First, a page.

Ingmar Bergman’s 1958 film The Magician relates the story of Dr. Albert Vogler (played by the wonderful Max von Sydow), the eponymous magician, coming into town to perform with the rest of his troupe. After the leaders of this town (believers of science rather than magic) hear of Vogler’s arrival, they request a small performance before the public is allowed to see their full magical act. These scientifically-minded leaders try to reveal Vogler and his troupe as impostors, but Vogler has a few tricks up his sleeves. This is a wonderful film, a much darker tale than I expected (though there are still some moments of comedy, especially from Granny Vogler), and it shows a different side of Bergman. I feel that it is quite a personal film; it’s probably not as personal as Fanny and Alexander (which, I must say, I began but couldn’t finish), but one can easily tell that Bergman equates himself with Dr. Vogler.
Just like The Night of the Hunter, light and shadows play a particular role in The Magician; it’s almost like its own character. And, just like Laughton’s film, this film is quite gothic, becoming an amalgamation of horror and romance. The majority of the film takes place within a single house, and so we get characters from the troupe interacting with characters within the house, which helps create the romance and comedy found within the film. The horror is seen mostly towards the end of the film when Dr. Vogler feigns his death and comes back to “haunt” Dr. Vergerus, the Minister of Health (who is strictly thinking in the scientific sense). An interesting thing that I found within the film, besides these shadows, is that von Sydow does not speak until there is only 35 minutes left in the film, which I find to be unquestionably cruel on Bergman’s part. Dr. Vogler is not mute, but he pretends to do so, along with disguising himself physically by use of a wig and fake hair.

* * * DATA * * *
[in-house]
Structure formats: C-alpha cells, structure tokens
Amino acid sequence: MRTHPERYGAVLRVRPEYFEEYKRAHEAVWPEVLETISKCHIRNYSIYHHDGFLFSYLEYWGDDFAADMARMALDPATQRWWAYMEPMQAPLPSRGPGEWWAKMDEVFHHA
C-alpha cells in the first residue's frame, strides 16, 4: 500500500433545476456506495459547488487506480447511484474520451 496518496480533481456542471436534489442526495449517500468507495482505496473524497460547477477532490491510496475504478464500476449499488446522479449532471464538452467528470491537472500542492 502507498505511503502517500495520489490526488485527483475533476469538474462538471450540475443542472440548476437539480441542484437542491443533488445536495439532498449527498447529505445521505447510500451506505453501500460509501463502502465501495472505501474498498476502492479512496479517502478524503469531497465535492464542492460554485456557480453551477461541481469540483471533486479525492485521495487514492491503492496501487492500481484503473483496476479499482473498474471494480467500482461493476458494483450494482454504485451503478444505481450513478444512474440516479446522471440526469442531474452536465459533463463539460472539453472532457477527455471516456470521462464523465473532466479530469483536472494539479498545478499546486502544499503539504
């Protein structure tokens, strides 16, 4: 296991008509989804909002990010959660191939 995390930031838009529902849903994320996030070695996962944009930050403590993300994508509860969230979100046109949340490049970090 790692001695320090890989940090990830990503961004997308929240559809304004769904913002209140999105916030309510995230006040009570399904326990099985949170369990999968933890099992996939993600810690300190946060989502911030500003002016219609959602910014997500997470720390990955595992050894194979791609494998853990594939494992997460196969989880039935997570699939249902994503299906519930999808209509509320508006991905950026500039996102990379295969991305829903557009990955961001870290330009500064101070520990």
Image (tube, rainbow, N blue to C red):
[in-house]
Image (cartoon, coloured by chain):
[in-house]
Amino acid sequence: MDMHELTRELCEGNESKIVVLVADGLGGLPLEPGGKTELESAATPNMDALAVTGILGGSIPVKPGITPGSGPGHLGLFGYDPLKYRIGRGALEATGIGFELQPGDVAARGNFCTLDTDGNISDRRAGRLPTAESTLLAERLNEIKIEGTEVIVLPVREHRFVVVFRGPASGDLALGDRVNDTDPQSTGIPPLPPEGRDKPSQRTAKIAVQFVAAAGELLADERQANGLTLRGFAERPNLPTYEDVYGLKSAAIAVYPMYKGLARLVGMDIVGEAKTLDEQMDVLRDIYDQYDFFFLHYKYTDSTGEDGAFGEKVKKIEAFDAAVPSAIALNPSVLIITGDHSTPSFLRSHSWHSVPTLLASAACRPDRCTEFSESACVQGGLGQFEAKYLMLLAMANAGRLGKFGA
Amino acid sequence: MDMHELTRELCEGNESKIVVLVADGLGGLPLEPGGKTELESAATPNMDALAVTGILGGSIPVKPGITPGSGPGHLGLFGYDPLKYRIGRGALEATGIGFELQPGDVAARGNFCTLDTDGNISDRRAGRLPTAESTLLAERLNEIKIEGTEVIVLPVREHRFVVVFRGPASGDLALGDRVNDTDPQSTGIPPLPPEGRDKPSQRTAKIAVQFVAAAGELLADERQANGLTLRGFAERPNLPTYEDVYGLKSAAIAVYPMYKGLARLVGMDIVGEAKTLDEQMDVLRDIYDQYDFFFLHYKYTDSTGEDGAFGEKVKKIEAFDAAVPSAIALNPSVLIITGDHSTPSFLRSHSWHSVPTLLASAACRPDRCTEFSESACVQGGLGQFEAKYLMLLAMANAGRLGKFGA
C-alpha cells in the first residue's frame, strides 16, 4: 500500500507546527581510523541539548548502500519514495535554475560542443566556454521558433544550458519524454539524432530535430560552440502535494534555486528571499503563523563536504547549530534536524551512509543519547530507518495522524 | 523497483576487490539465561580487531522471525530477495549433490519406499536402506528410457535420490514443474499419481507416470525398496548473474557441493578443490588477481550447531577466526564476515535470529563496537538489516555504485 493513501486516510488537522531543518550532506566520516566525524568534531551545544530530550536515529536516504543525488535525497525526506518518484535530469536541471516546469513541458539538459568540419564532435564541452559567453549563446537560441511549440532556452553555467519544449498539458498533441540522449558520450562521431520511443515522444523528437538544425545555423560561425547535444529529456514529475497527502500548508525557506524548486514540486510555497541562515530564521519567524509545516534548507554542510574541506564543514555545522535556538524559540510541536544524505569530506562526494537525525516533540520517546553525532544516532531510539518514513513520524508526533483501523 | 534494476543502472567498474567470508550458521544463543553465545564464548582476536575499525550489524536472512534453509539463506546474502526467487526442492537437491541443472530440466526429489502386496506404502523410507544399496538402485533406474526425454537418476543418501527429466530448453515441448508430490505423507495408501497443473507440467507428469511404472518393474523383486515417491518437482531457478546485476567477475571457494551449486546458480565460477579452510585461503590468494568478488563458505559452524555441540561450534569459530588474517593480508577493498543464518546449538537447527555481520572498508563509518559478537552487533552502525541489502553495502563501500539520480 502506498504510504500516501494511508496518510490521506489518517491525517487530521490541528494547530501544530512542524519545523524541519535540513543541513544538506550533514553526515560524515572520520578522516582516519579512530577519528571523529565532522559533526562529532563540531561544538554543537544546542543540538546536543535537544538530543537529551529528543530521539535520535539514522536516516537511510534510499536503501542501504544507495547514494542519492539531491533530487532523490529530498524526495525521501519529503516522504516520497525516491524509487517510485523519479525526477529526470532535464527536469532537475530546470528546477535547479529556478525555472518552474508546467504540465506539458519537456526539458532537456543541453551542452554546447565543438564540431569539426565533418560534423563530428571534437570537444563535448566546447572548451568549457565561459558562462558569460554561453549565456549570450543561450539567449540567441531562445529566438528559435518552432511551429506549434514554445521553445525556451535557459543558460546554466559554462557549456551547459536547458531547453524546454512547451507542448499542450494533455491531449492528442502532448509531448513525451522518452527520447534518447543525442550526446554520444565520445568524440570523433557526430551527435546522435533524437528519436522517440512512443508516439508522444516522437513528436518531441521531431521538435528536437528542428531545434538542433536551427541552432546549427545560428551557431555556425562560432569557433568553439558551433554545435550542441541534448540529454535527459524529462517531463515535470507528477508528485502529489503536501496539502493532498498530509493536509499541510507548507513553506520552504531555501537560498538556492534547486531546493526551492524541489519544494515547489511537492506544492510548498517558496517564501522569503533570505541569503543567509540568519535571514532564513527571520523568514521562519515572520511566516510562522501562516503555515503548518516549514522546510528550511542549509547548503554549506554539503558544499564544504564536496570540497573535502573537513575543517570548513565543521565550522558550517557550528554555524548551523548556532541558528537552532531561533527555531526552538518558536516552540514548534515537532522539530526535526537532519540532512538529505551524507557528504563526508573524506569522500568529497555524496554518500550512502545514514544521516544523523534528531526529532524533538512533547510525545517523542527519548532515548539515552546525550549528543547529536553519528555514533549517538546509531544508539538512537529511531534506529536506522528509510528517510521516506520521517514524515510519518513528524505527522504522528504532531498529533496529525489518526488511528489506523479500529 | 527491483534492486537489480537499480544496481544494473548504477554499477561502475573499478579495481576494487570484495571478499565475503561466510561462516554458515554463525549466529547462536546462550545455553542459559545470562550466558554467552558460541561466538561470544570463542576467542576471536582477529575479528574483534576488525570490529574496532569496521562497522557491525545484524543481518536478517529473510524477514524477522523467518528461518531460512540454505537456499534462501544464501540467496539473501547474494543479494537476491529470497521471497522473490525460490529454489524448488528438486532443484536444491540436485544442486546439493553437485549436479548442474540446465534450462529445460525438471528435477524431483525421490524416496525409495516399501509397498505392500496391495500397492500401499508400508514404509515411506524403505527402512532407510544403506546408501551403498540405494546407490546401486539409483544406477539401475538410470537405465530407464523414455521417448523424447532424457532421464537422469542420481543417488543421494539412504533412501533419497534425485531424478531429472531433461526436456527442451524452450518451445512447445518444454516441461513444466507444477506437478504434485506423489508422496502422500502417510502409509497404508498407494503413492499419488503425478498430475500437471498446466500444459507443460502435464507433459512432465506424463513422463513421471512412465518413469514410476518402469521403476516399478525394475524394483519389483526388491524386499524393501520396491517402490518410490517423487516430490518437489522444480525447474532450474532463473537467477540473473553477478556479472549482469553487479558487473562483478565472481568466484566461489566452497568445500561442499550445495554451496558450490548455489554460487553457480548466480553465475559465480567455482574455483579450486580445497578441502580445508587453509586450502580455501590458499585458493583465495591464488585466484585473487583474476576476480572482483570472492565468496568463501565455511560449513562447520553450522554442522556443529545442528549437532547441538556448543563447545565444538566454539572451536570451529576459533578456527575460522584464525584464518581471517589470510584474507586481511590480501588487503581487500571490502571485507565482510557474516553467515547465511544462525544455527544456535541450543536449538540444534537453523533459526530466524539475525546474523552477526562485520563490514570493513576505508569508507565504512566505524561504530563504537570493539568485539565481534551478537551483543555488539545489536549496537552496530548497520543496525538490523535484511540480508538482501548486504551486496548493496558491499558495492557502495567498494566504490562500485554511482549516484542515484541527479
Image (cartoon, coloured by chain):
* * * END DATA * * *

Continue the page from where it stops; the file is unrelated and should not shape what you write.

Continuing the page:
Dr. Vogler certainly looks brooding here, doesn’t he? It’s also very off-putting (at least to me) because we don’t see von Sydow’s iconic white blond hair. His stark white face is unnerving as he lurks out of the shadows. The Swedish title of the film, Ansiktet, translates to The Face, which means much more so than The Magician does. In Peter Cowie’s visual essay on the Criterion release of the film, he explicates that this film is about the many faces a person dons, and how those faces crumble when one gets closer to someone else. This is undeniably true when considering Dr. Vogler. We only see his true face when he takes off his wig and begins speaking to his wife, Manda (who, ironically enough, is posing as Dr. Vogler’s male apprentice, Mr. Aman, donning her own “face”). Von Sydow looks very stoic here, and yet also quite threatening. The shadows upon his face truly create a feeling of panic and fear. His eyes look dead, too, which is interesting because I certainly feel that he is tired of this magic act (until he is invited to perform his act for the King on July 14th, which is, coincidentally, Bergman’s birthday).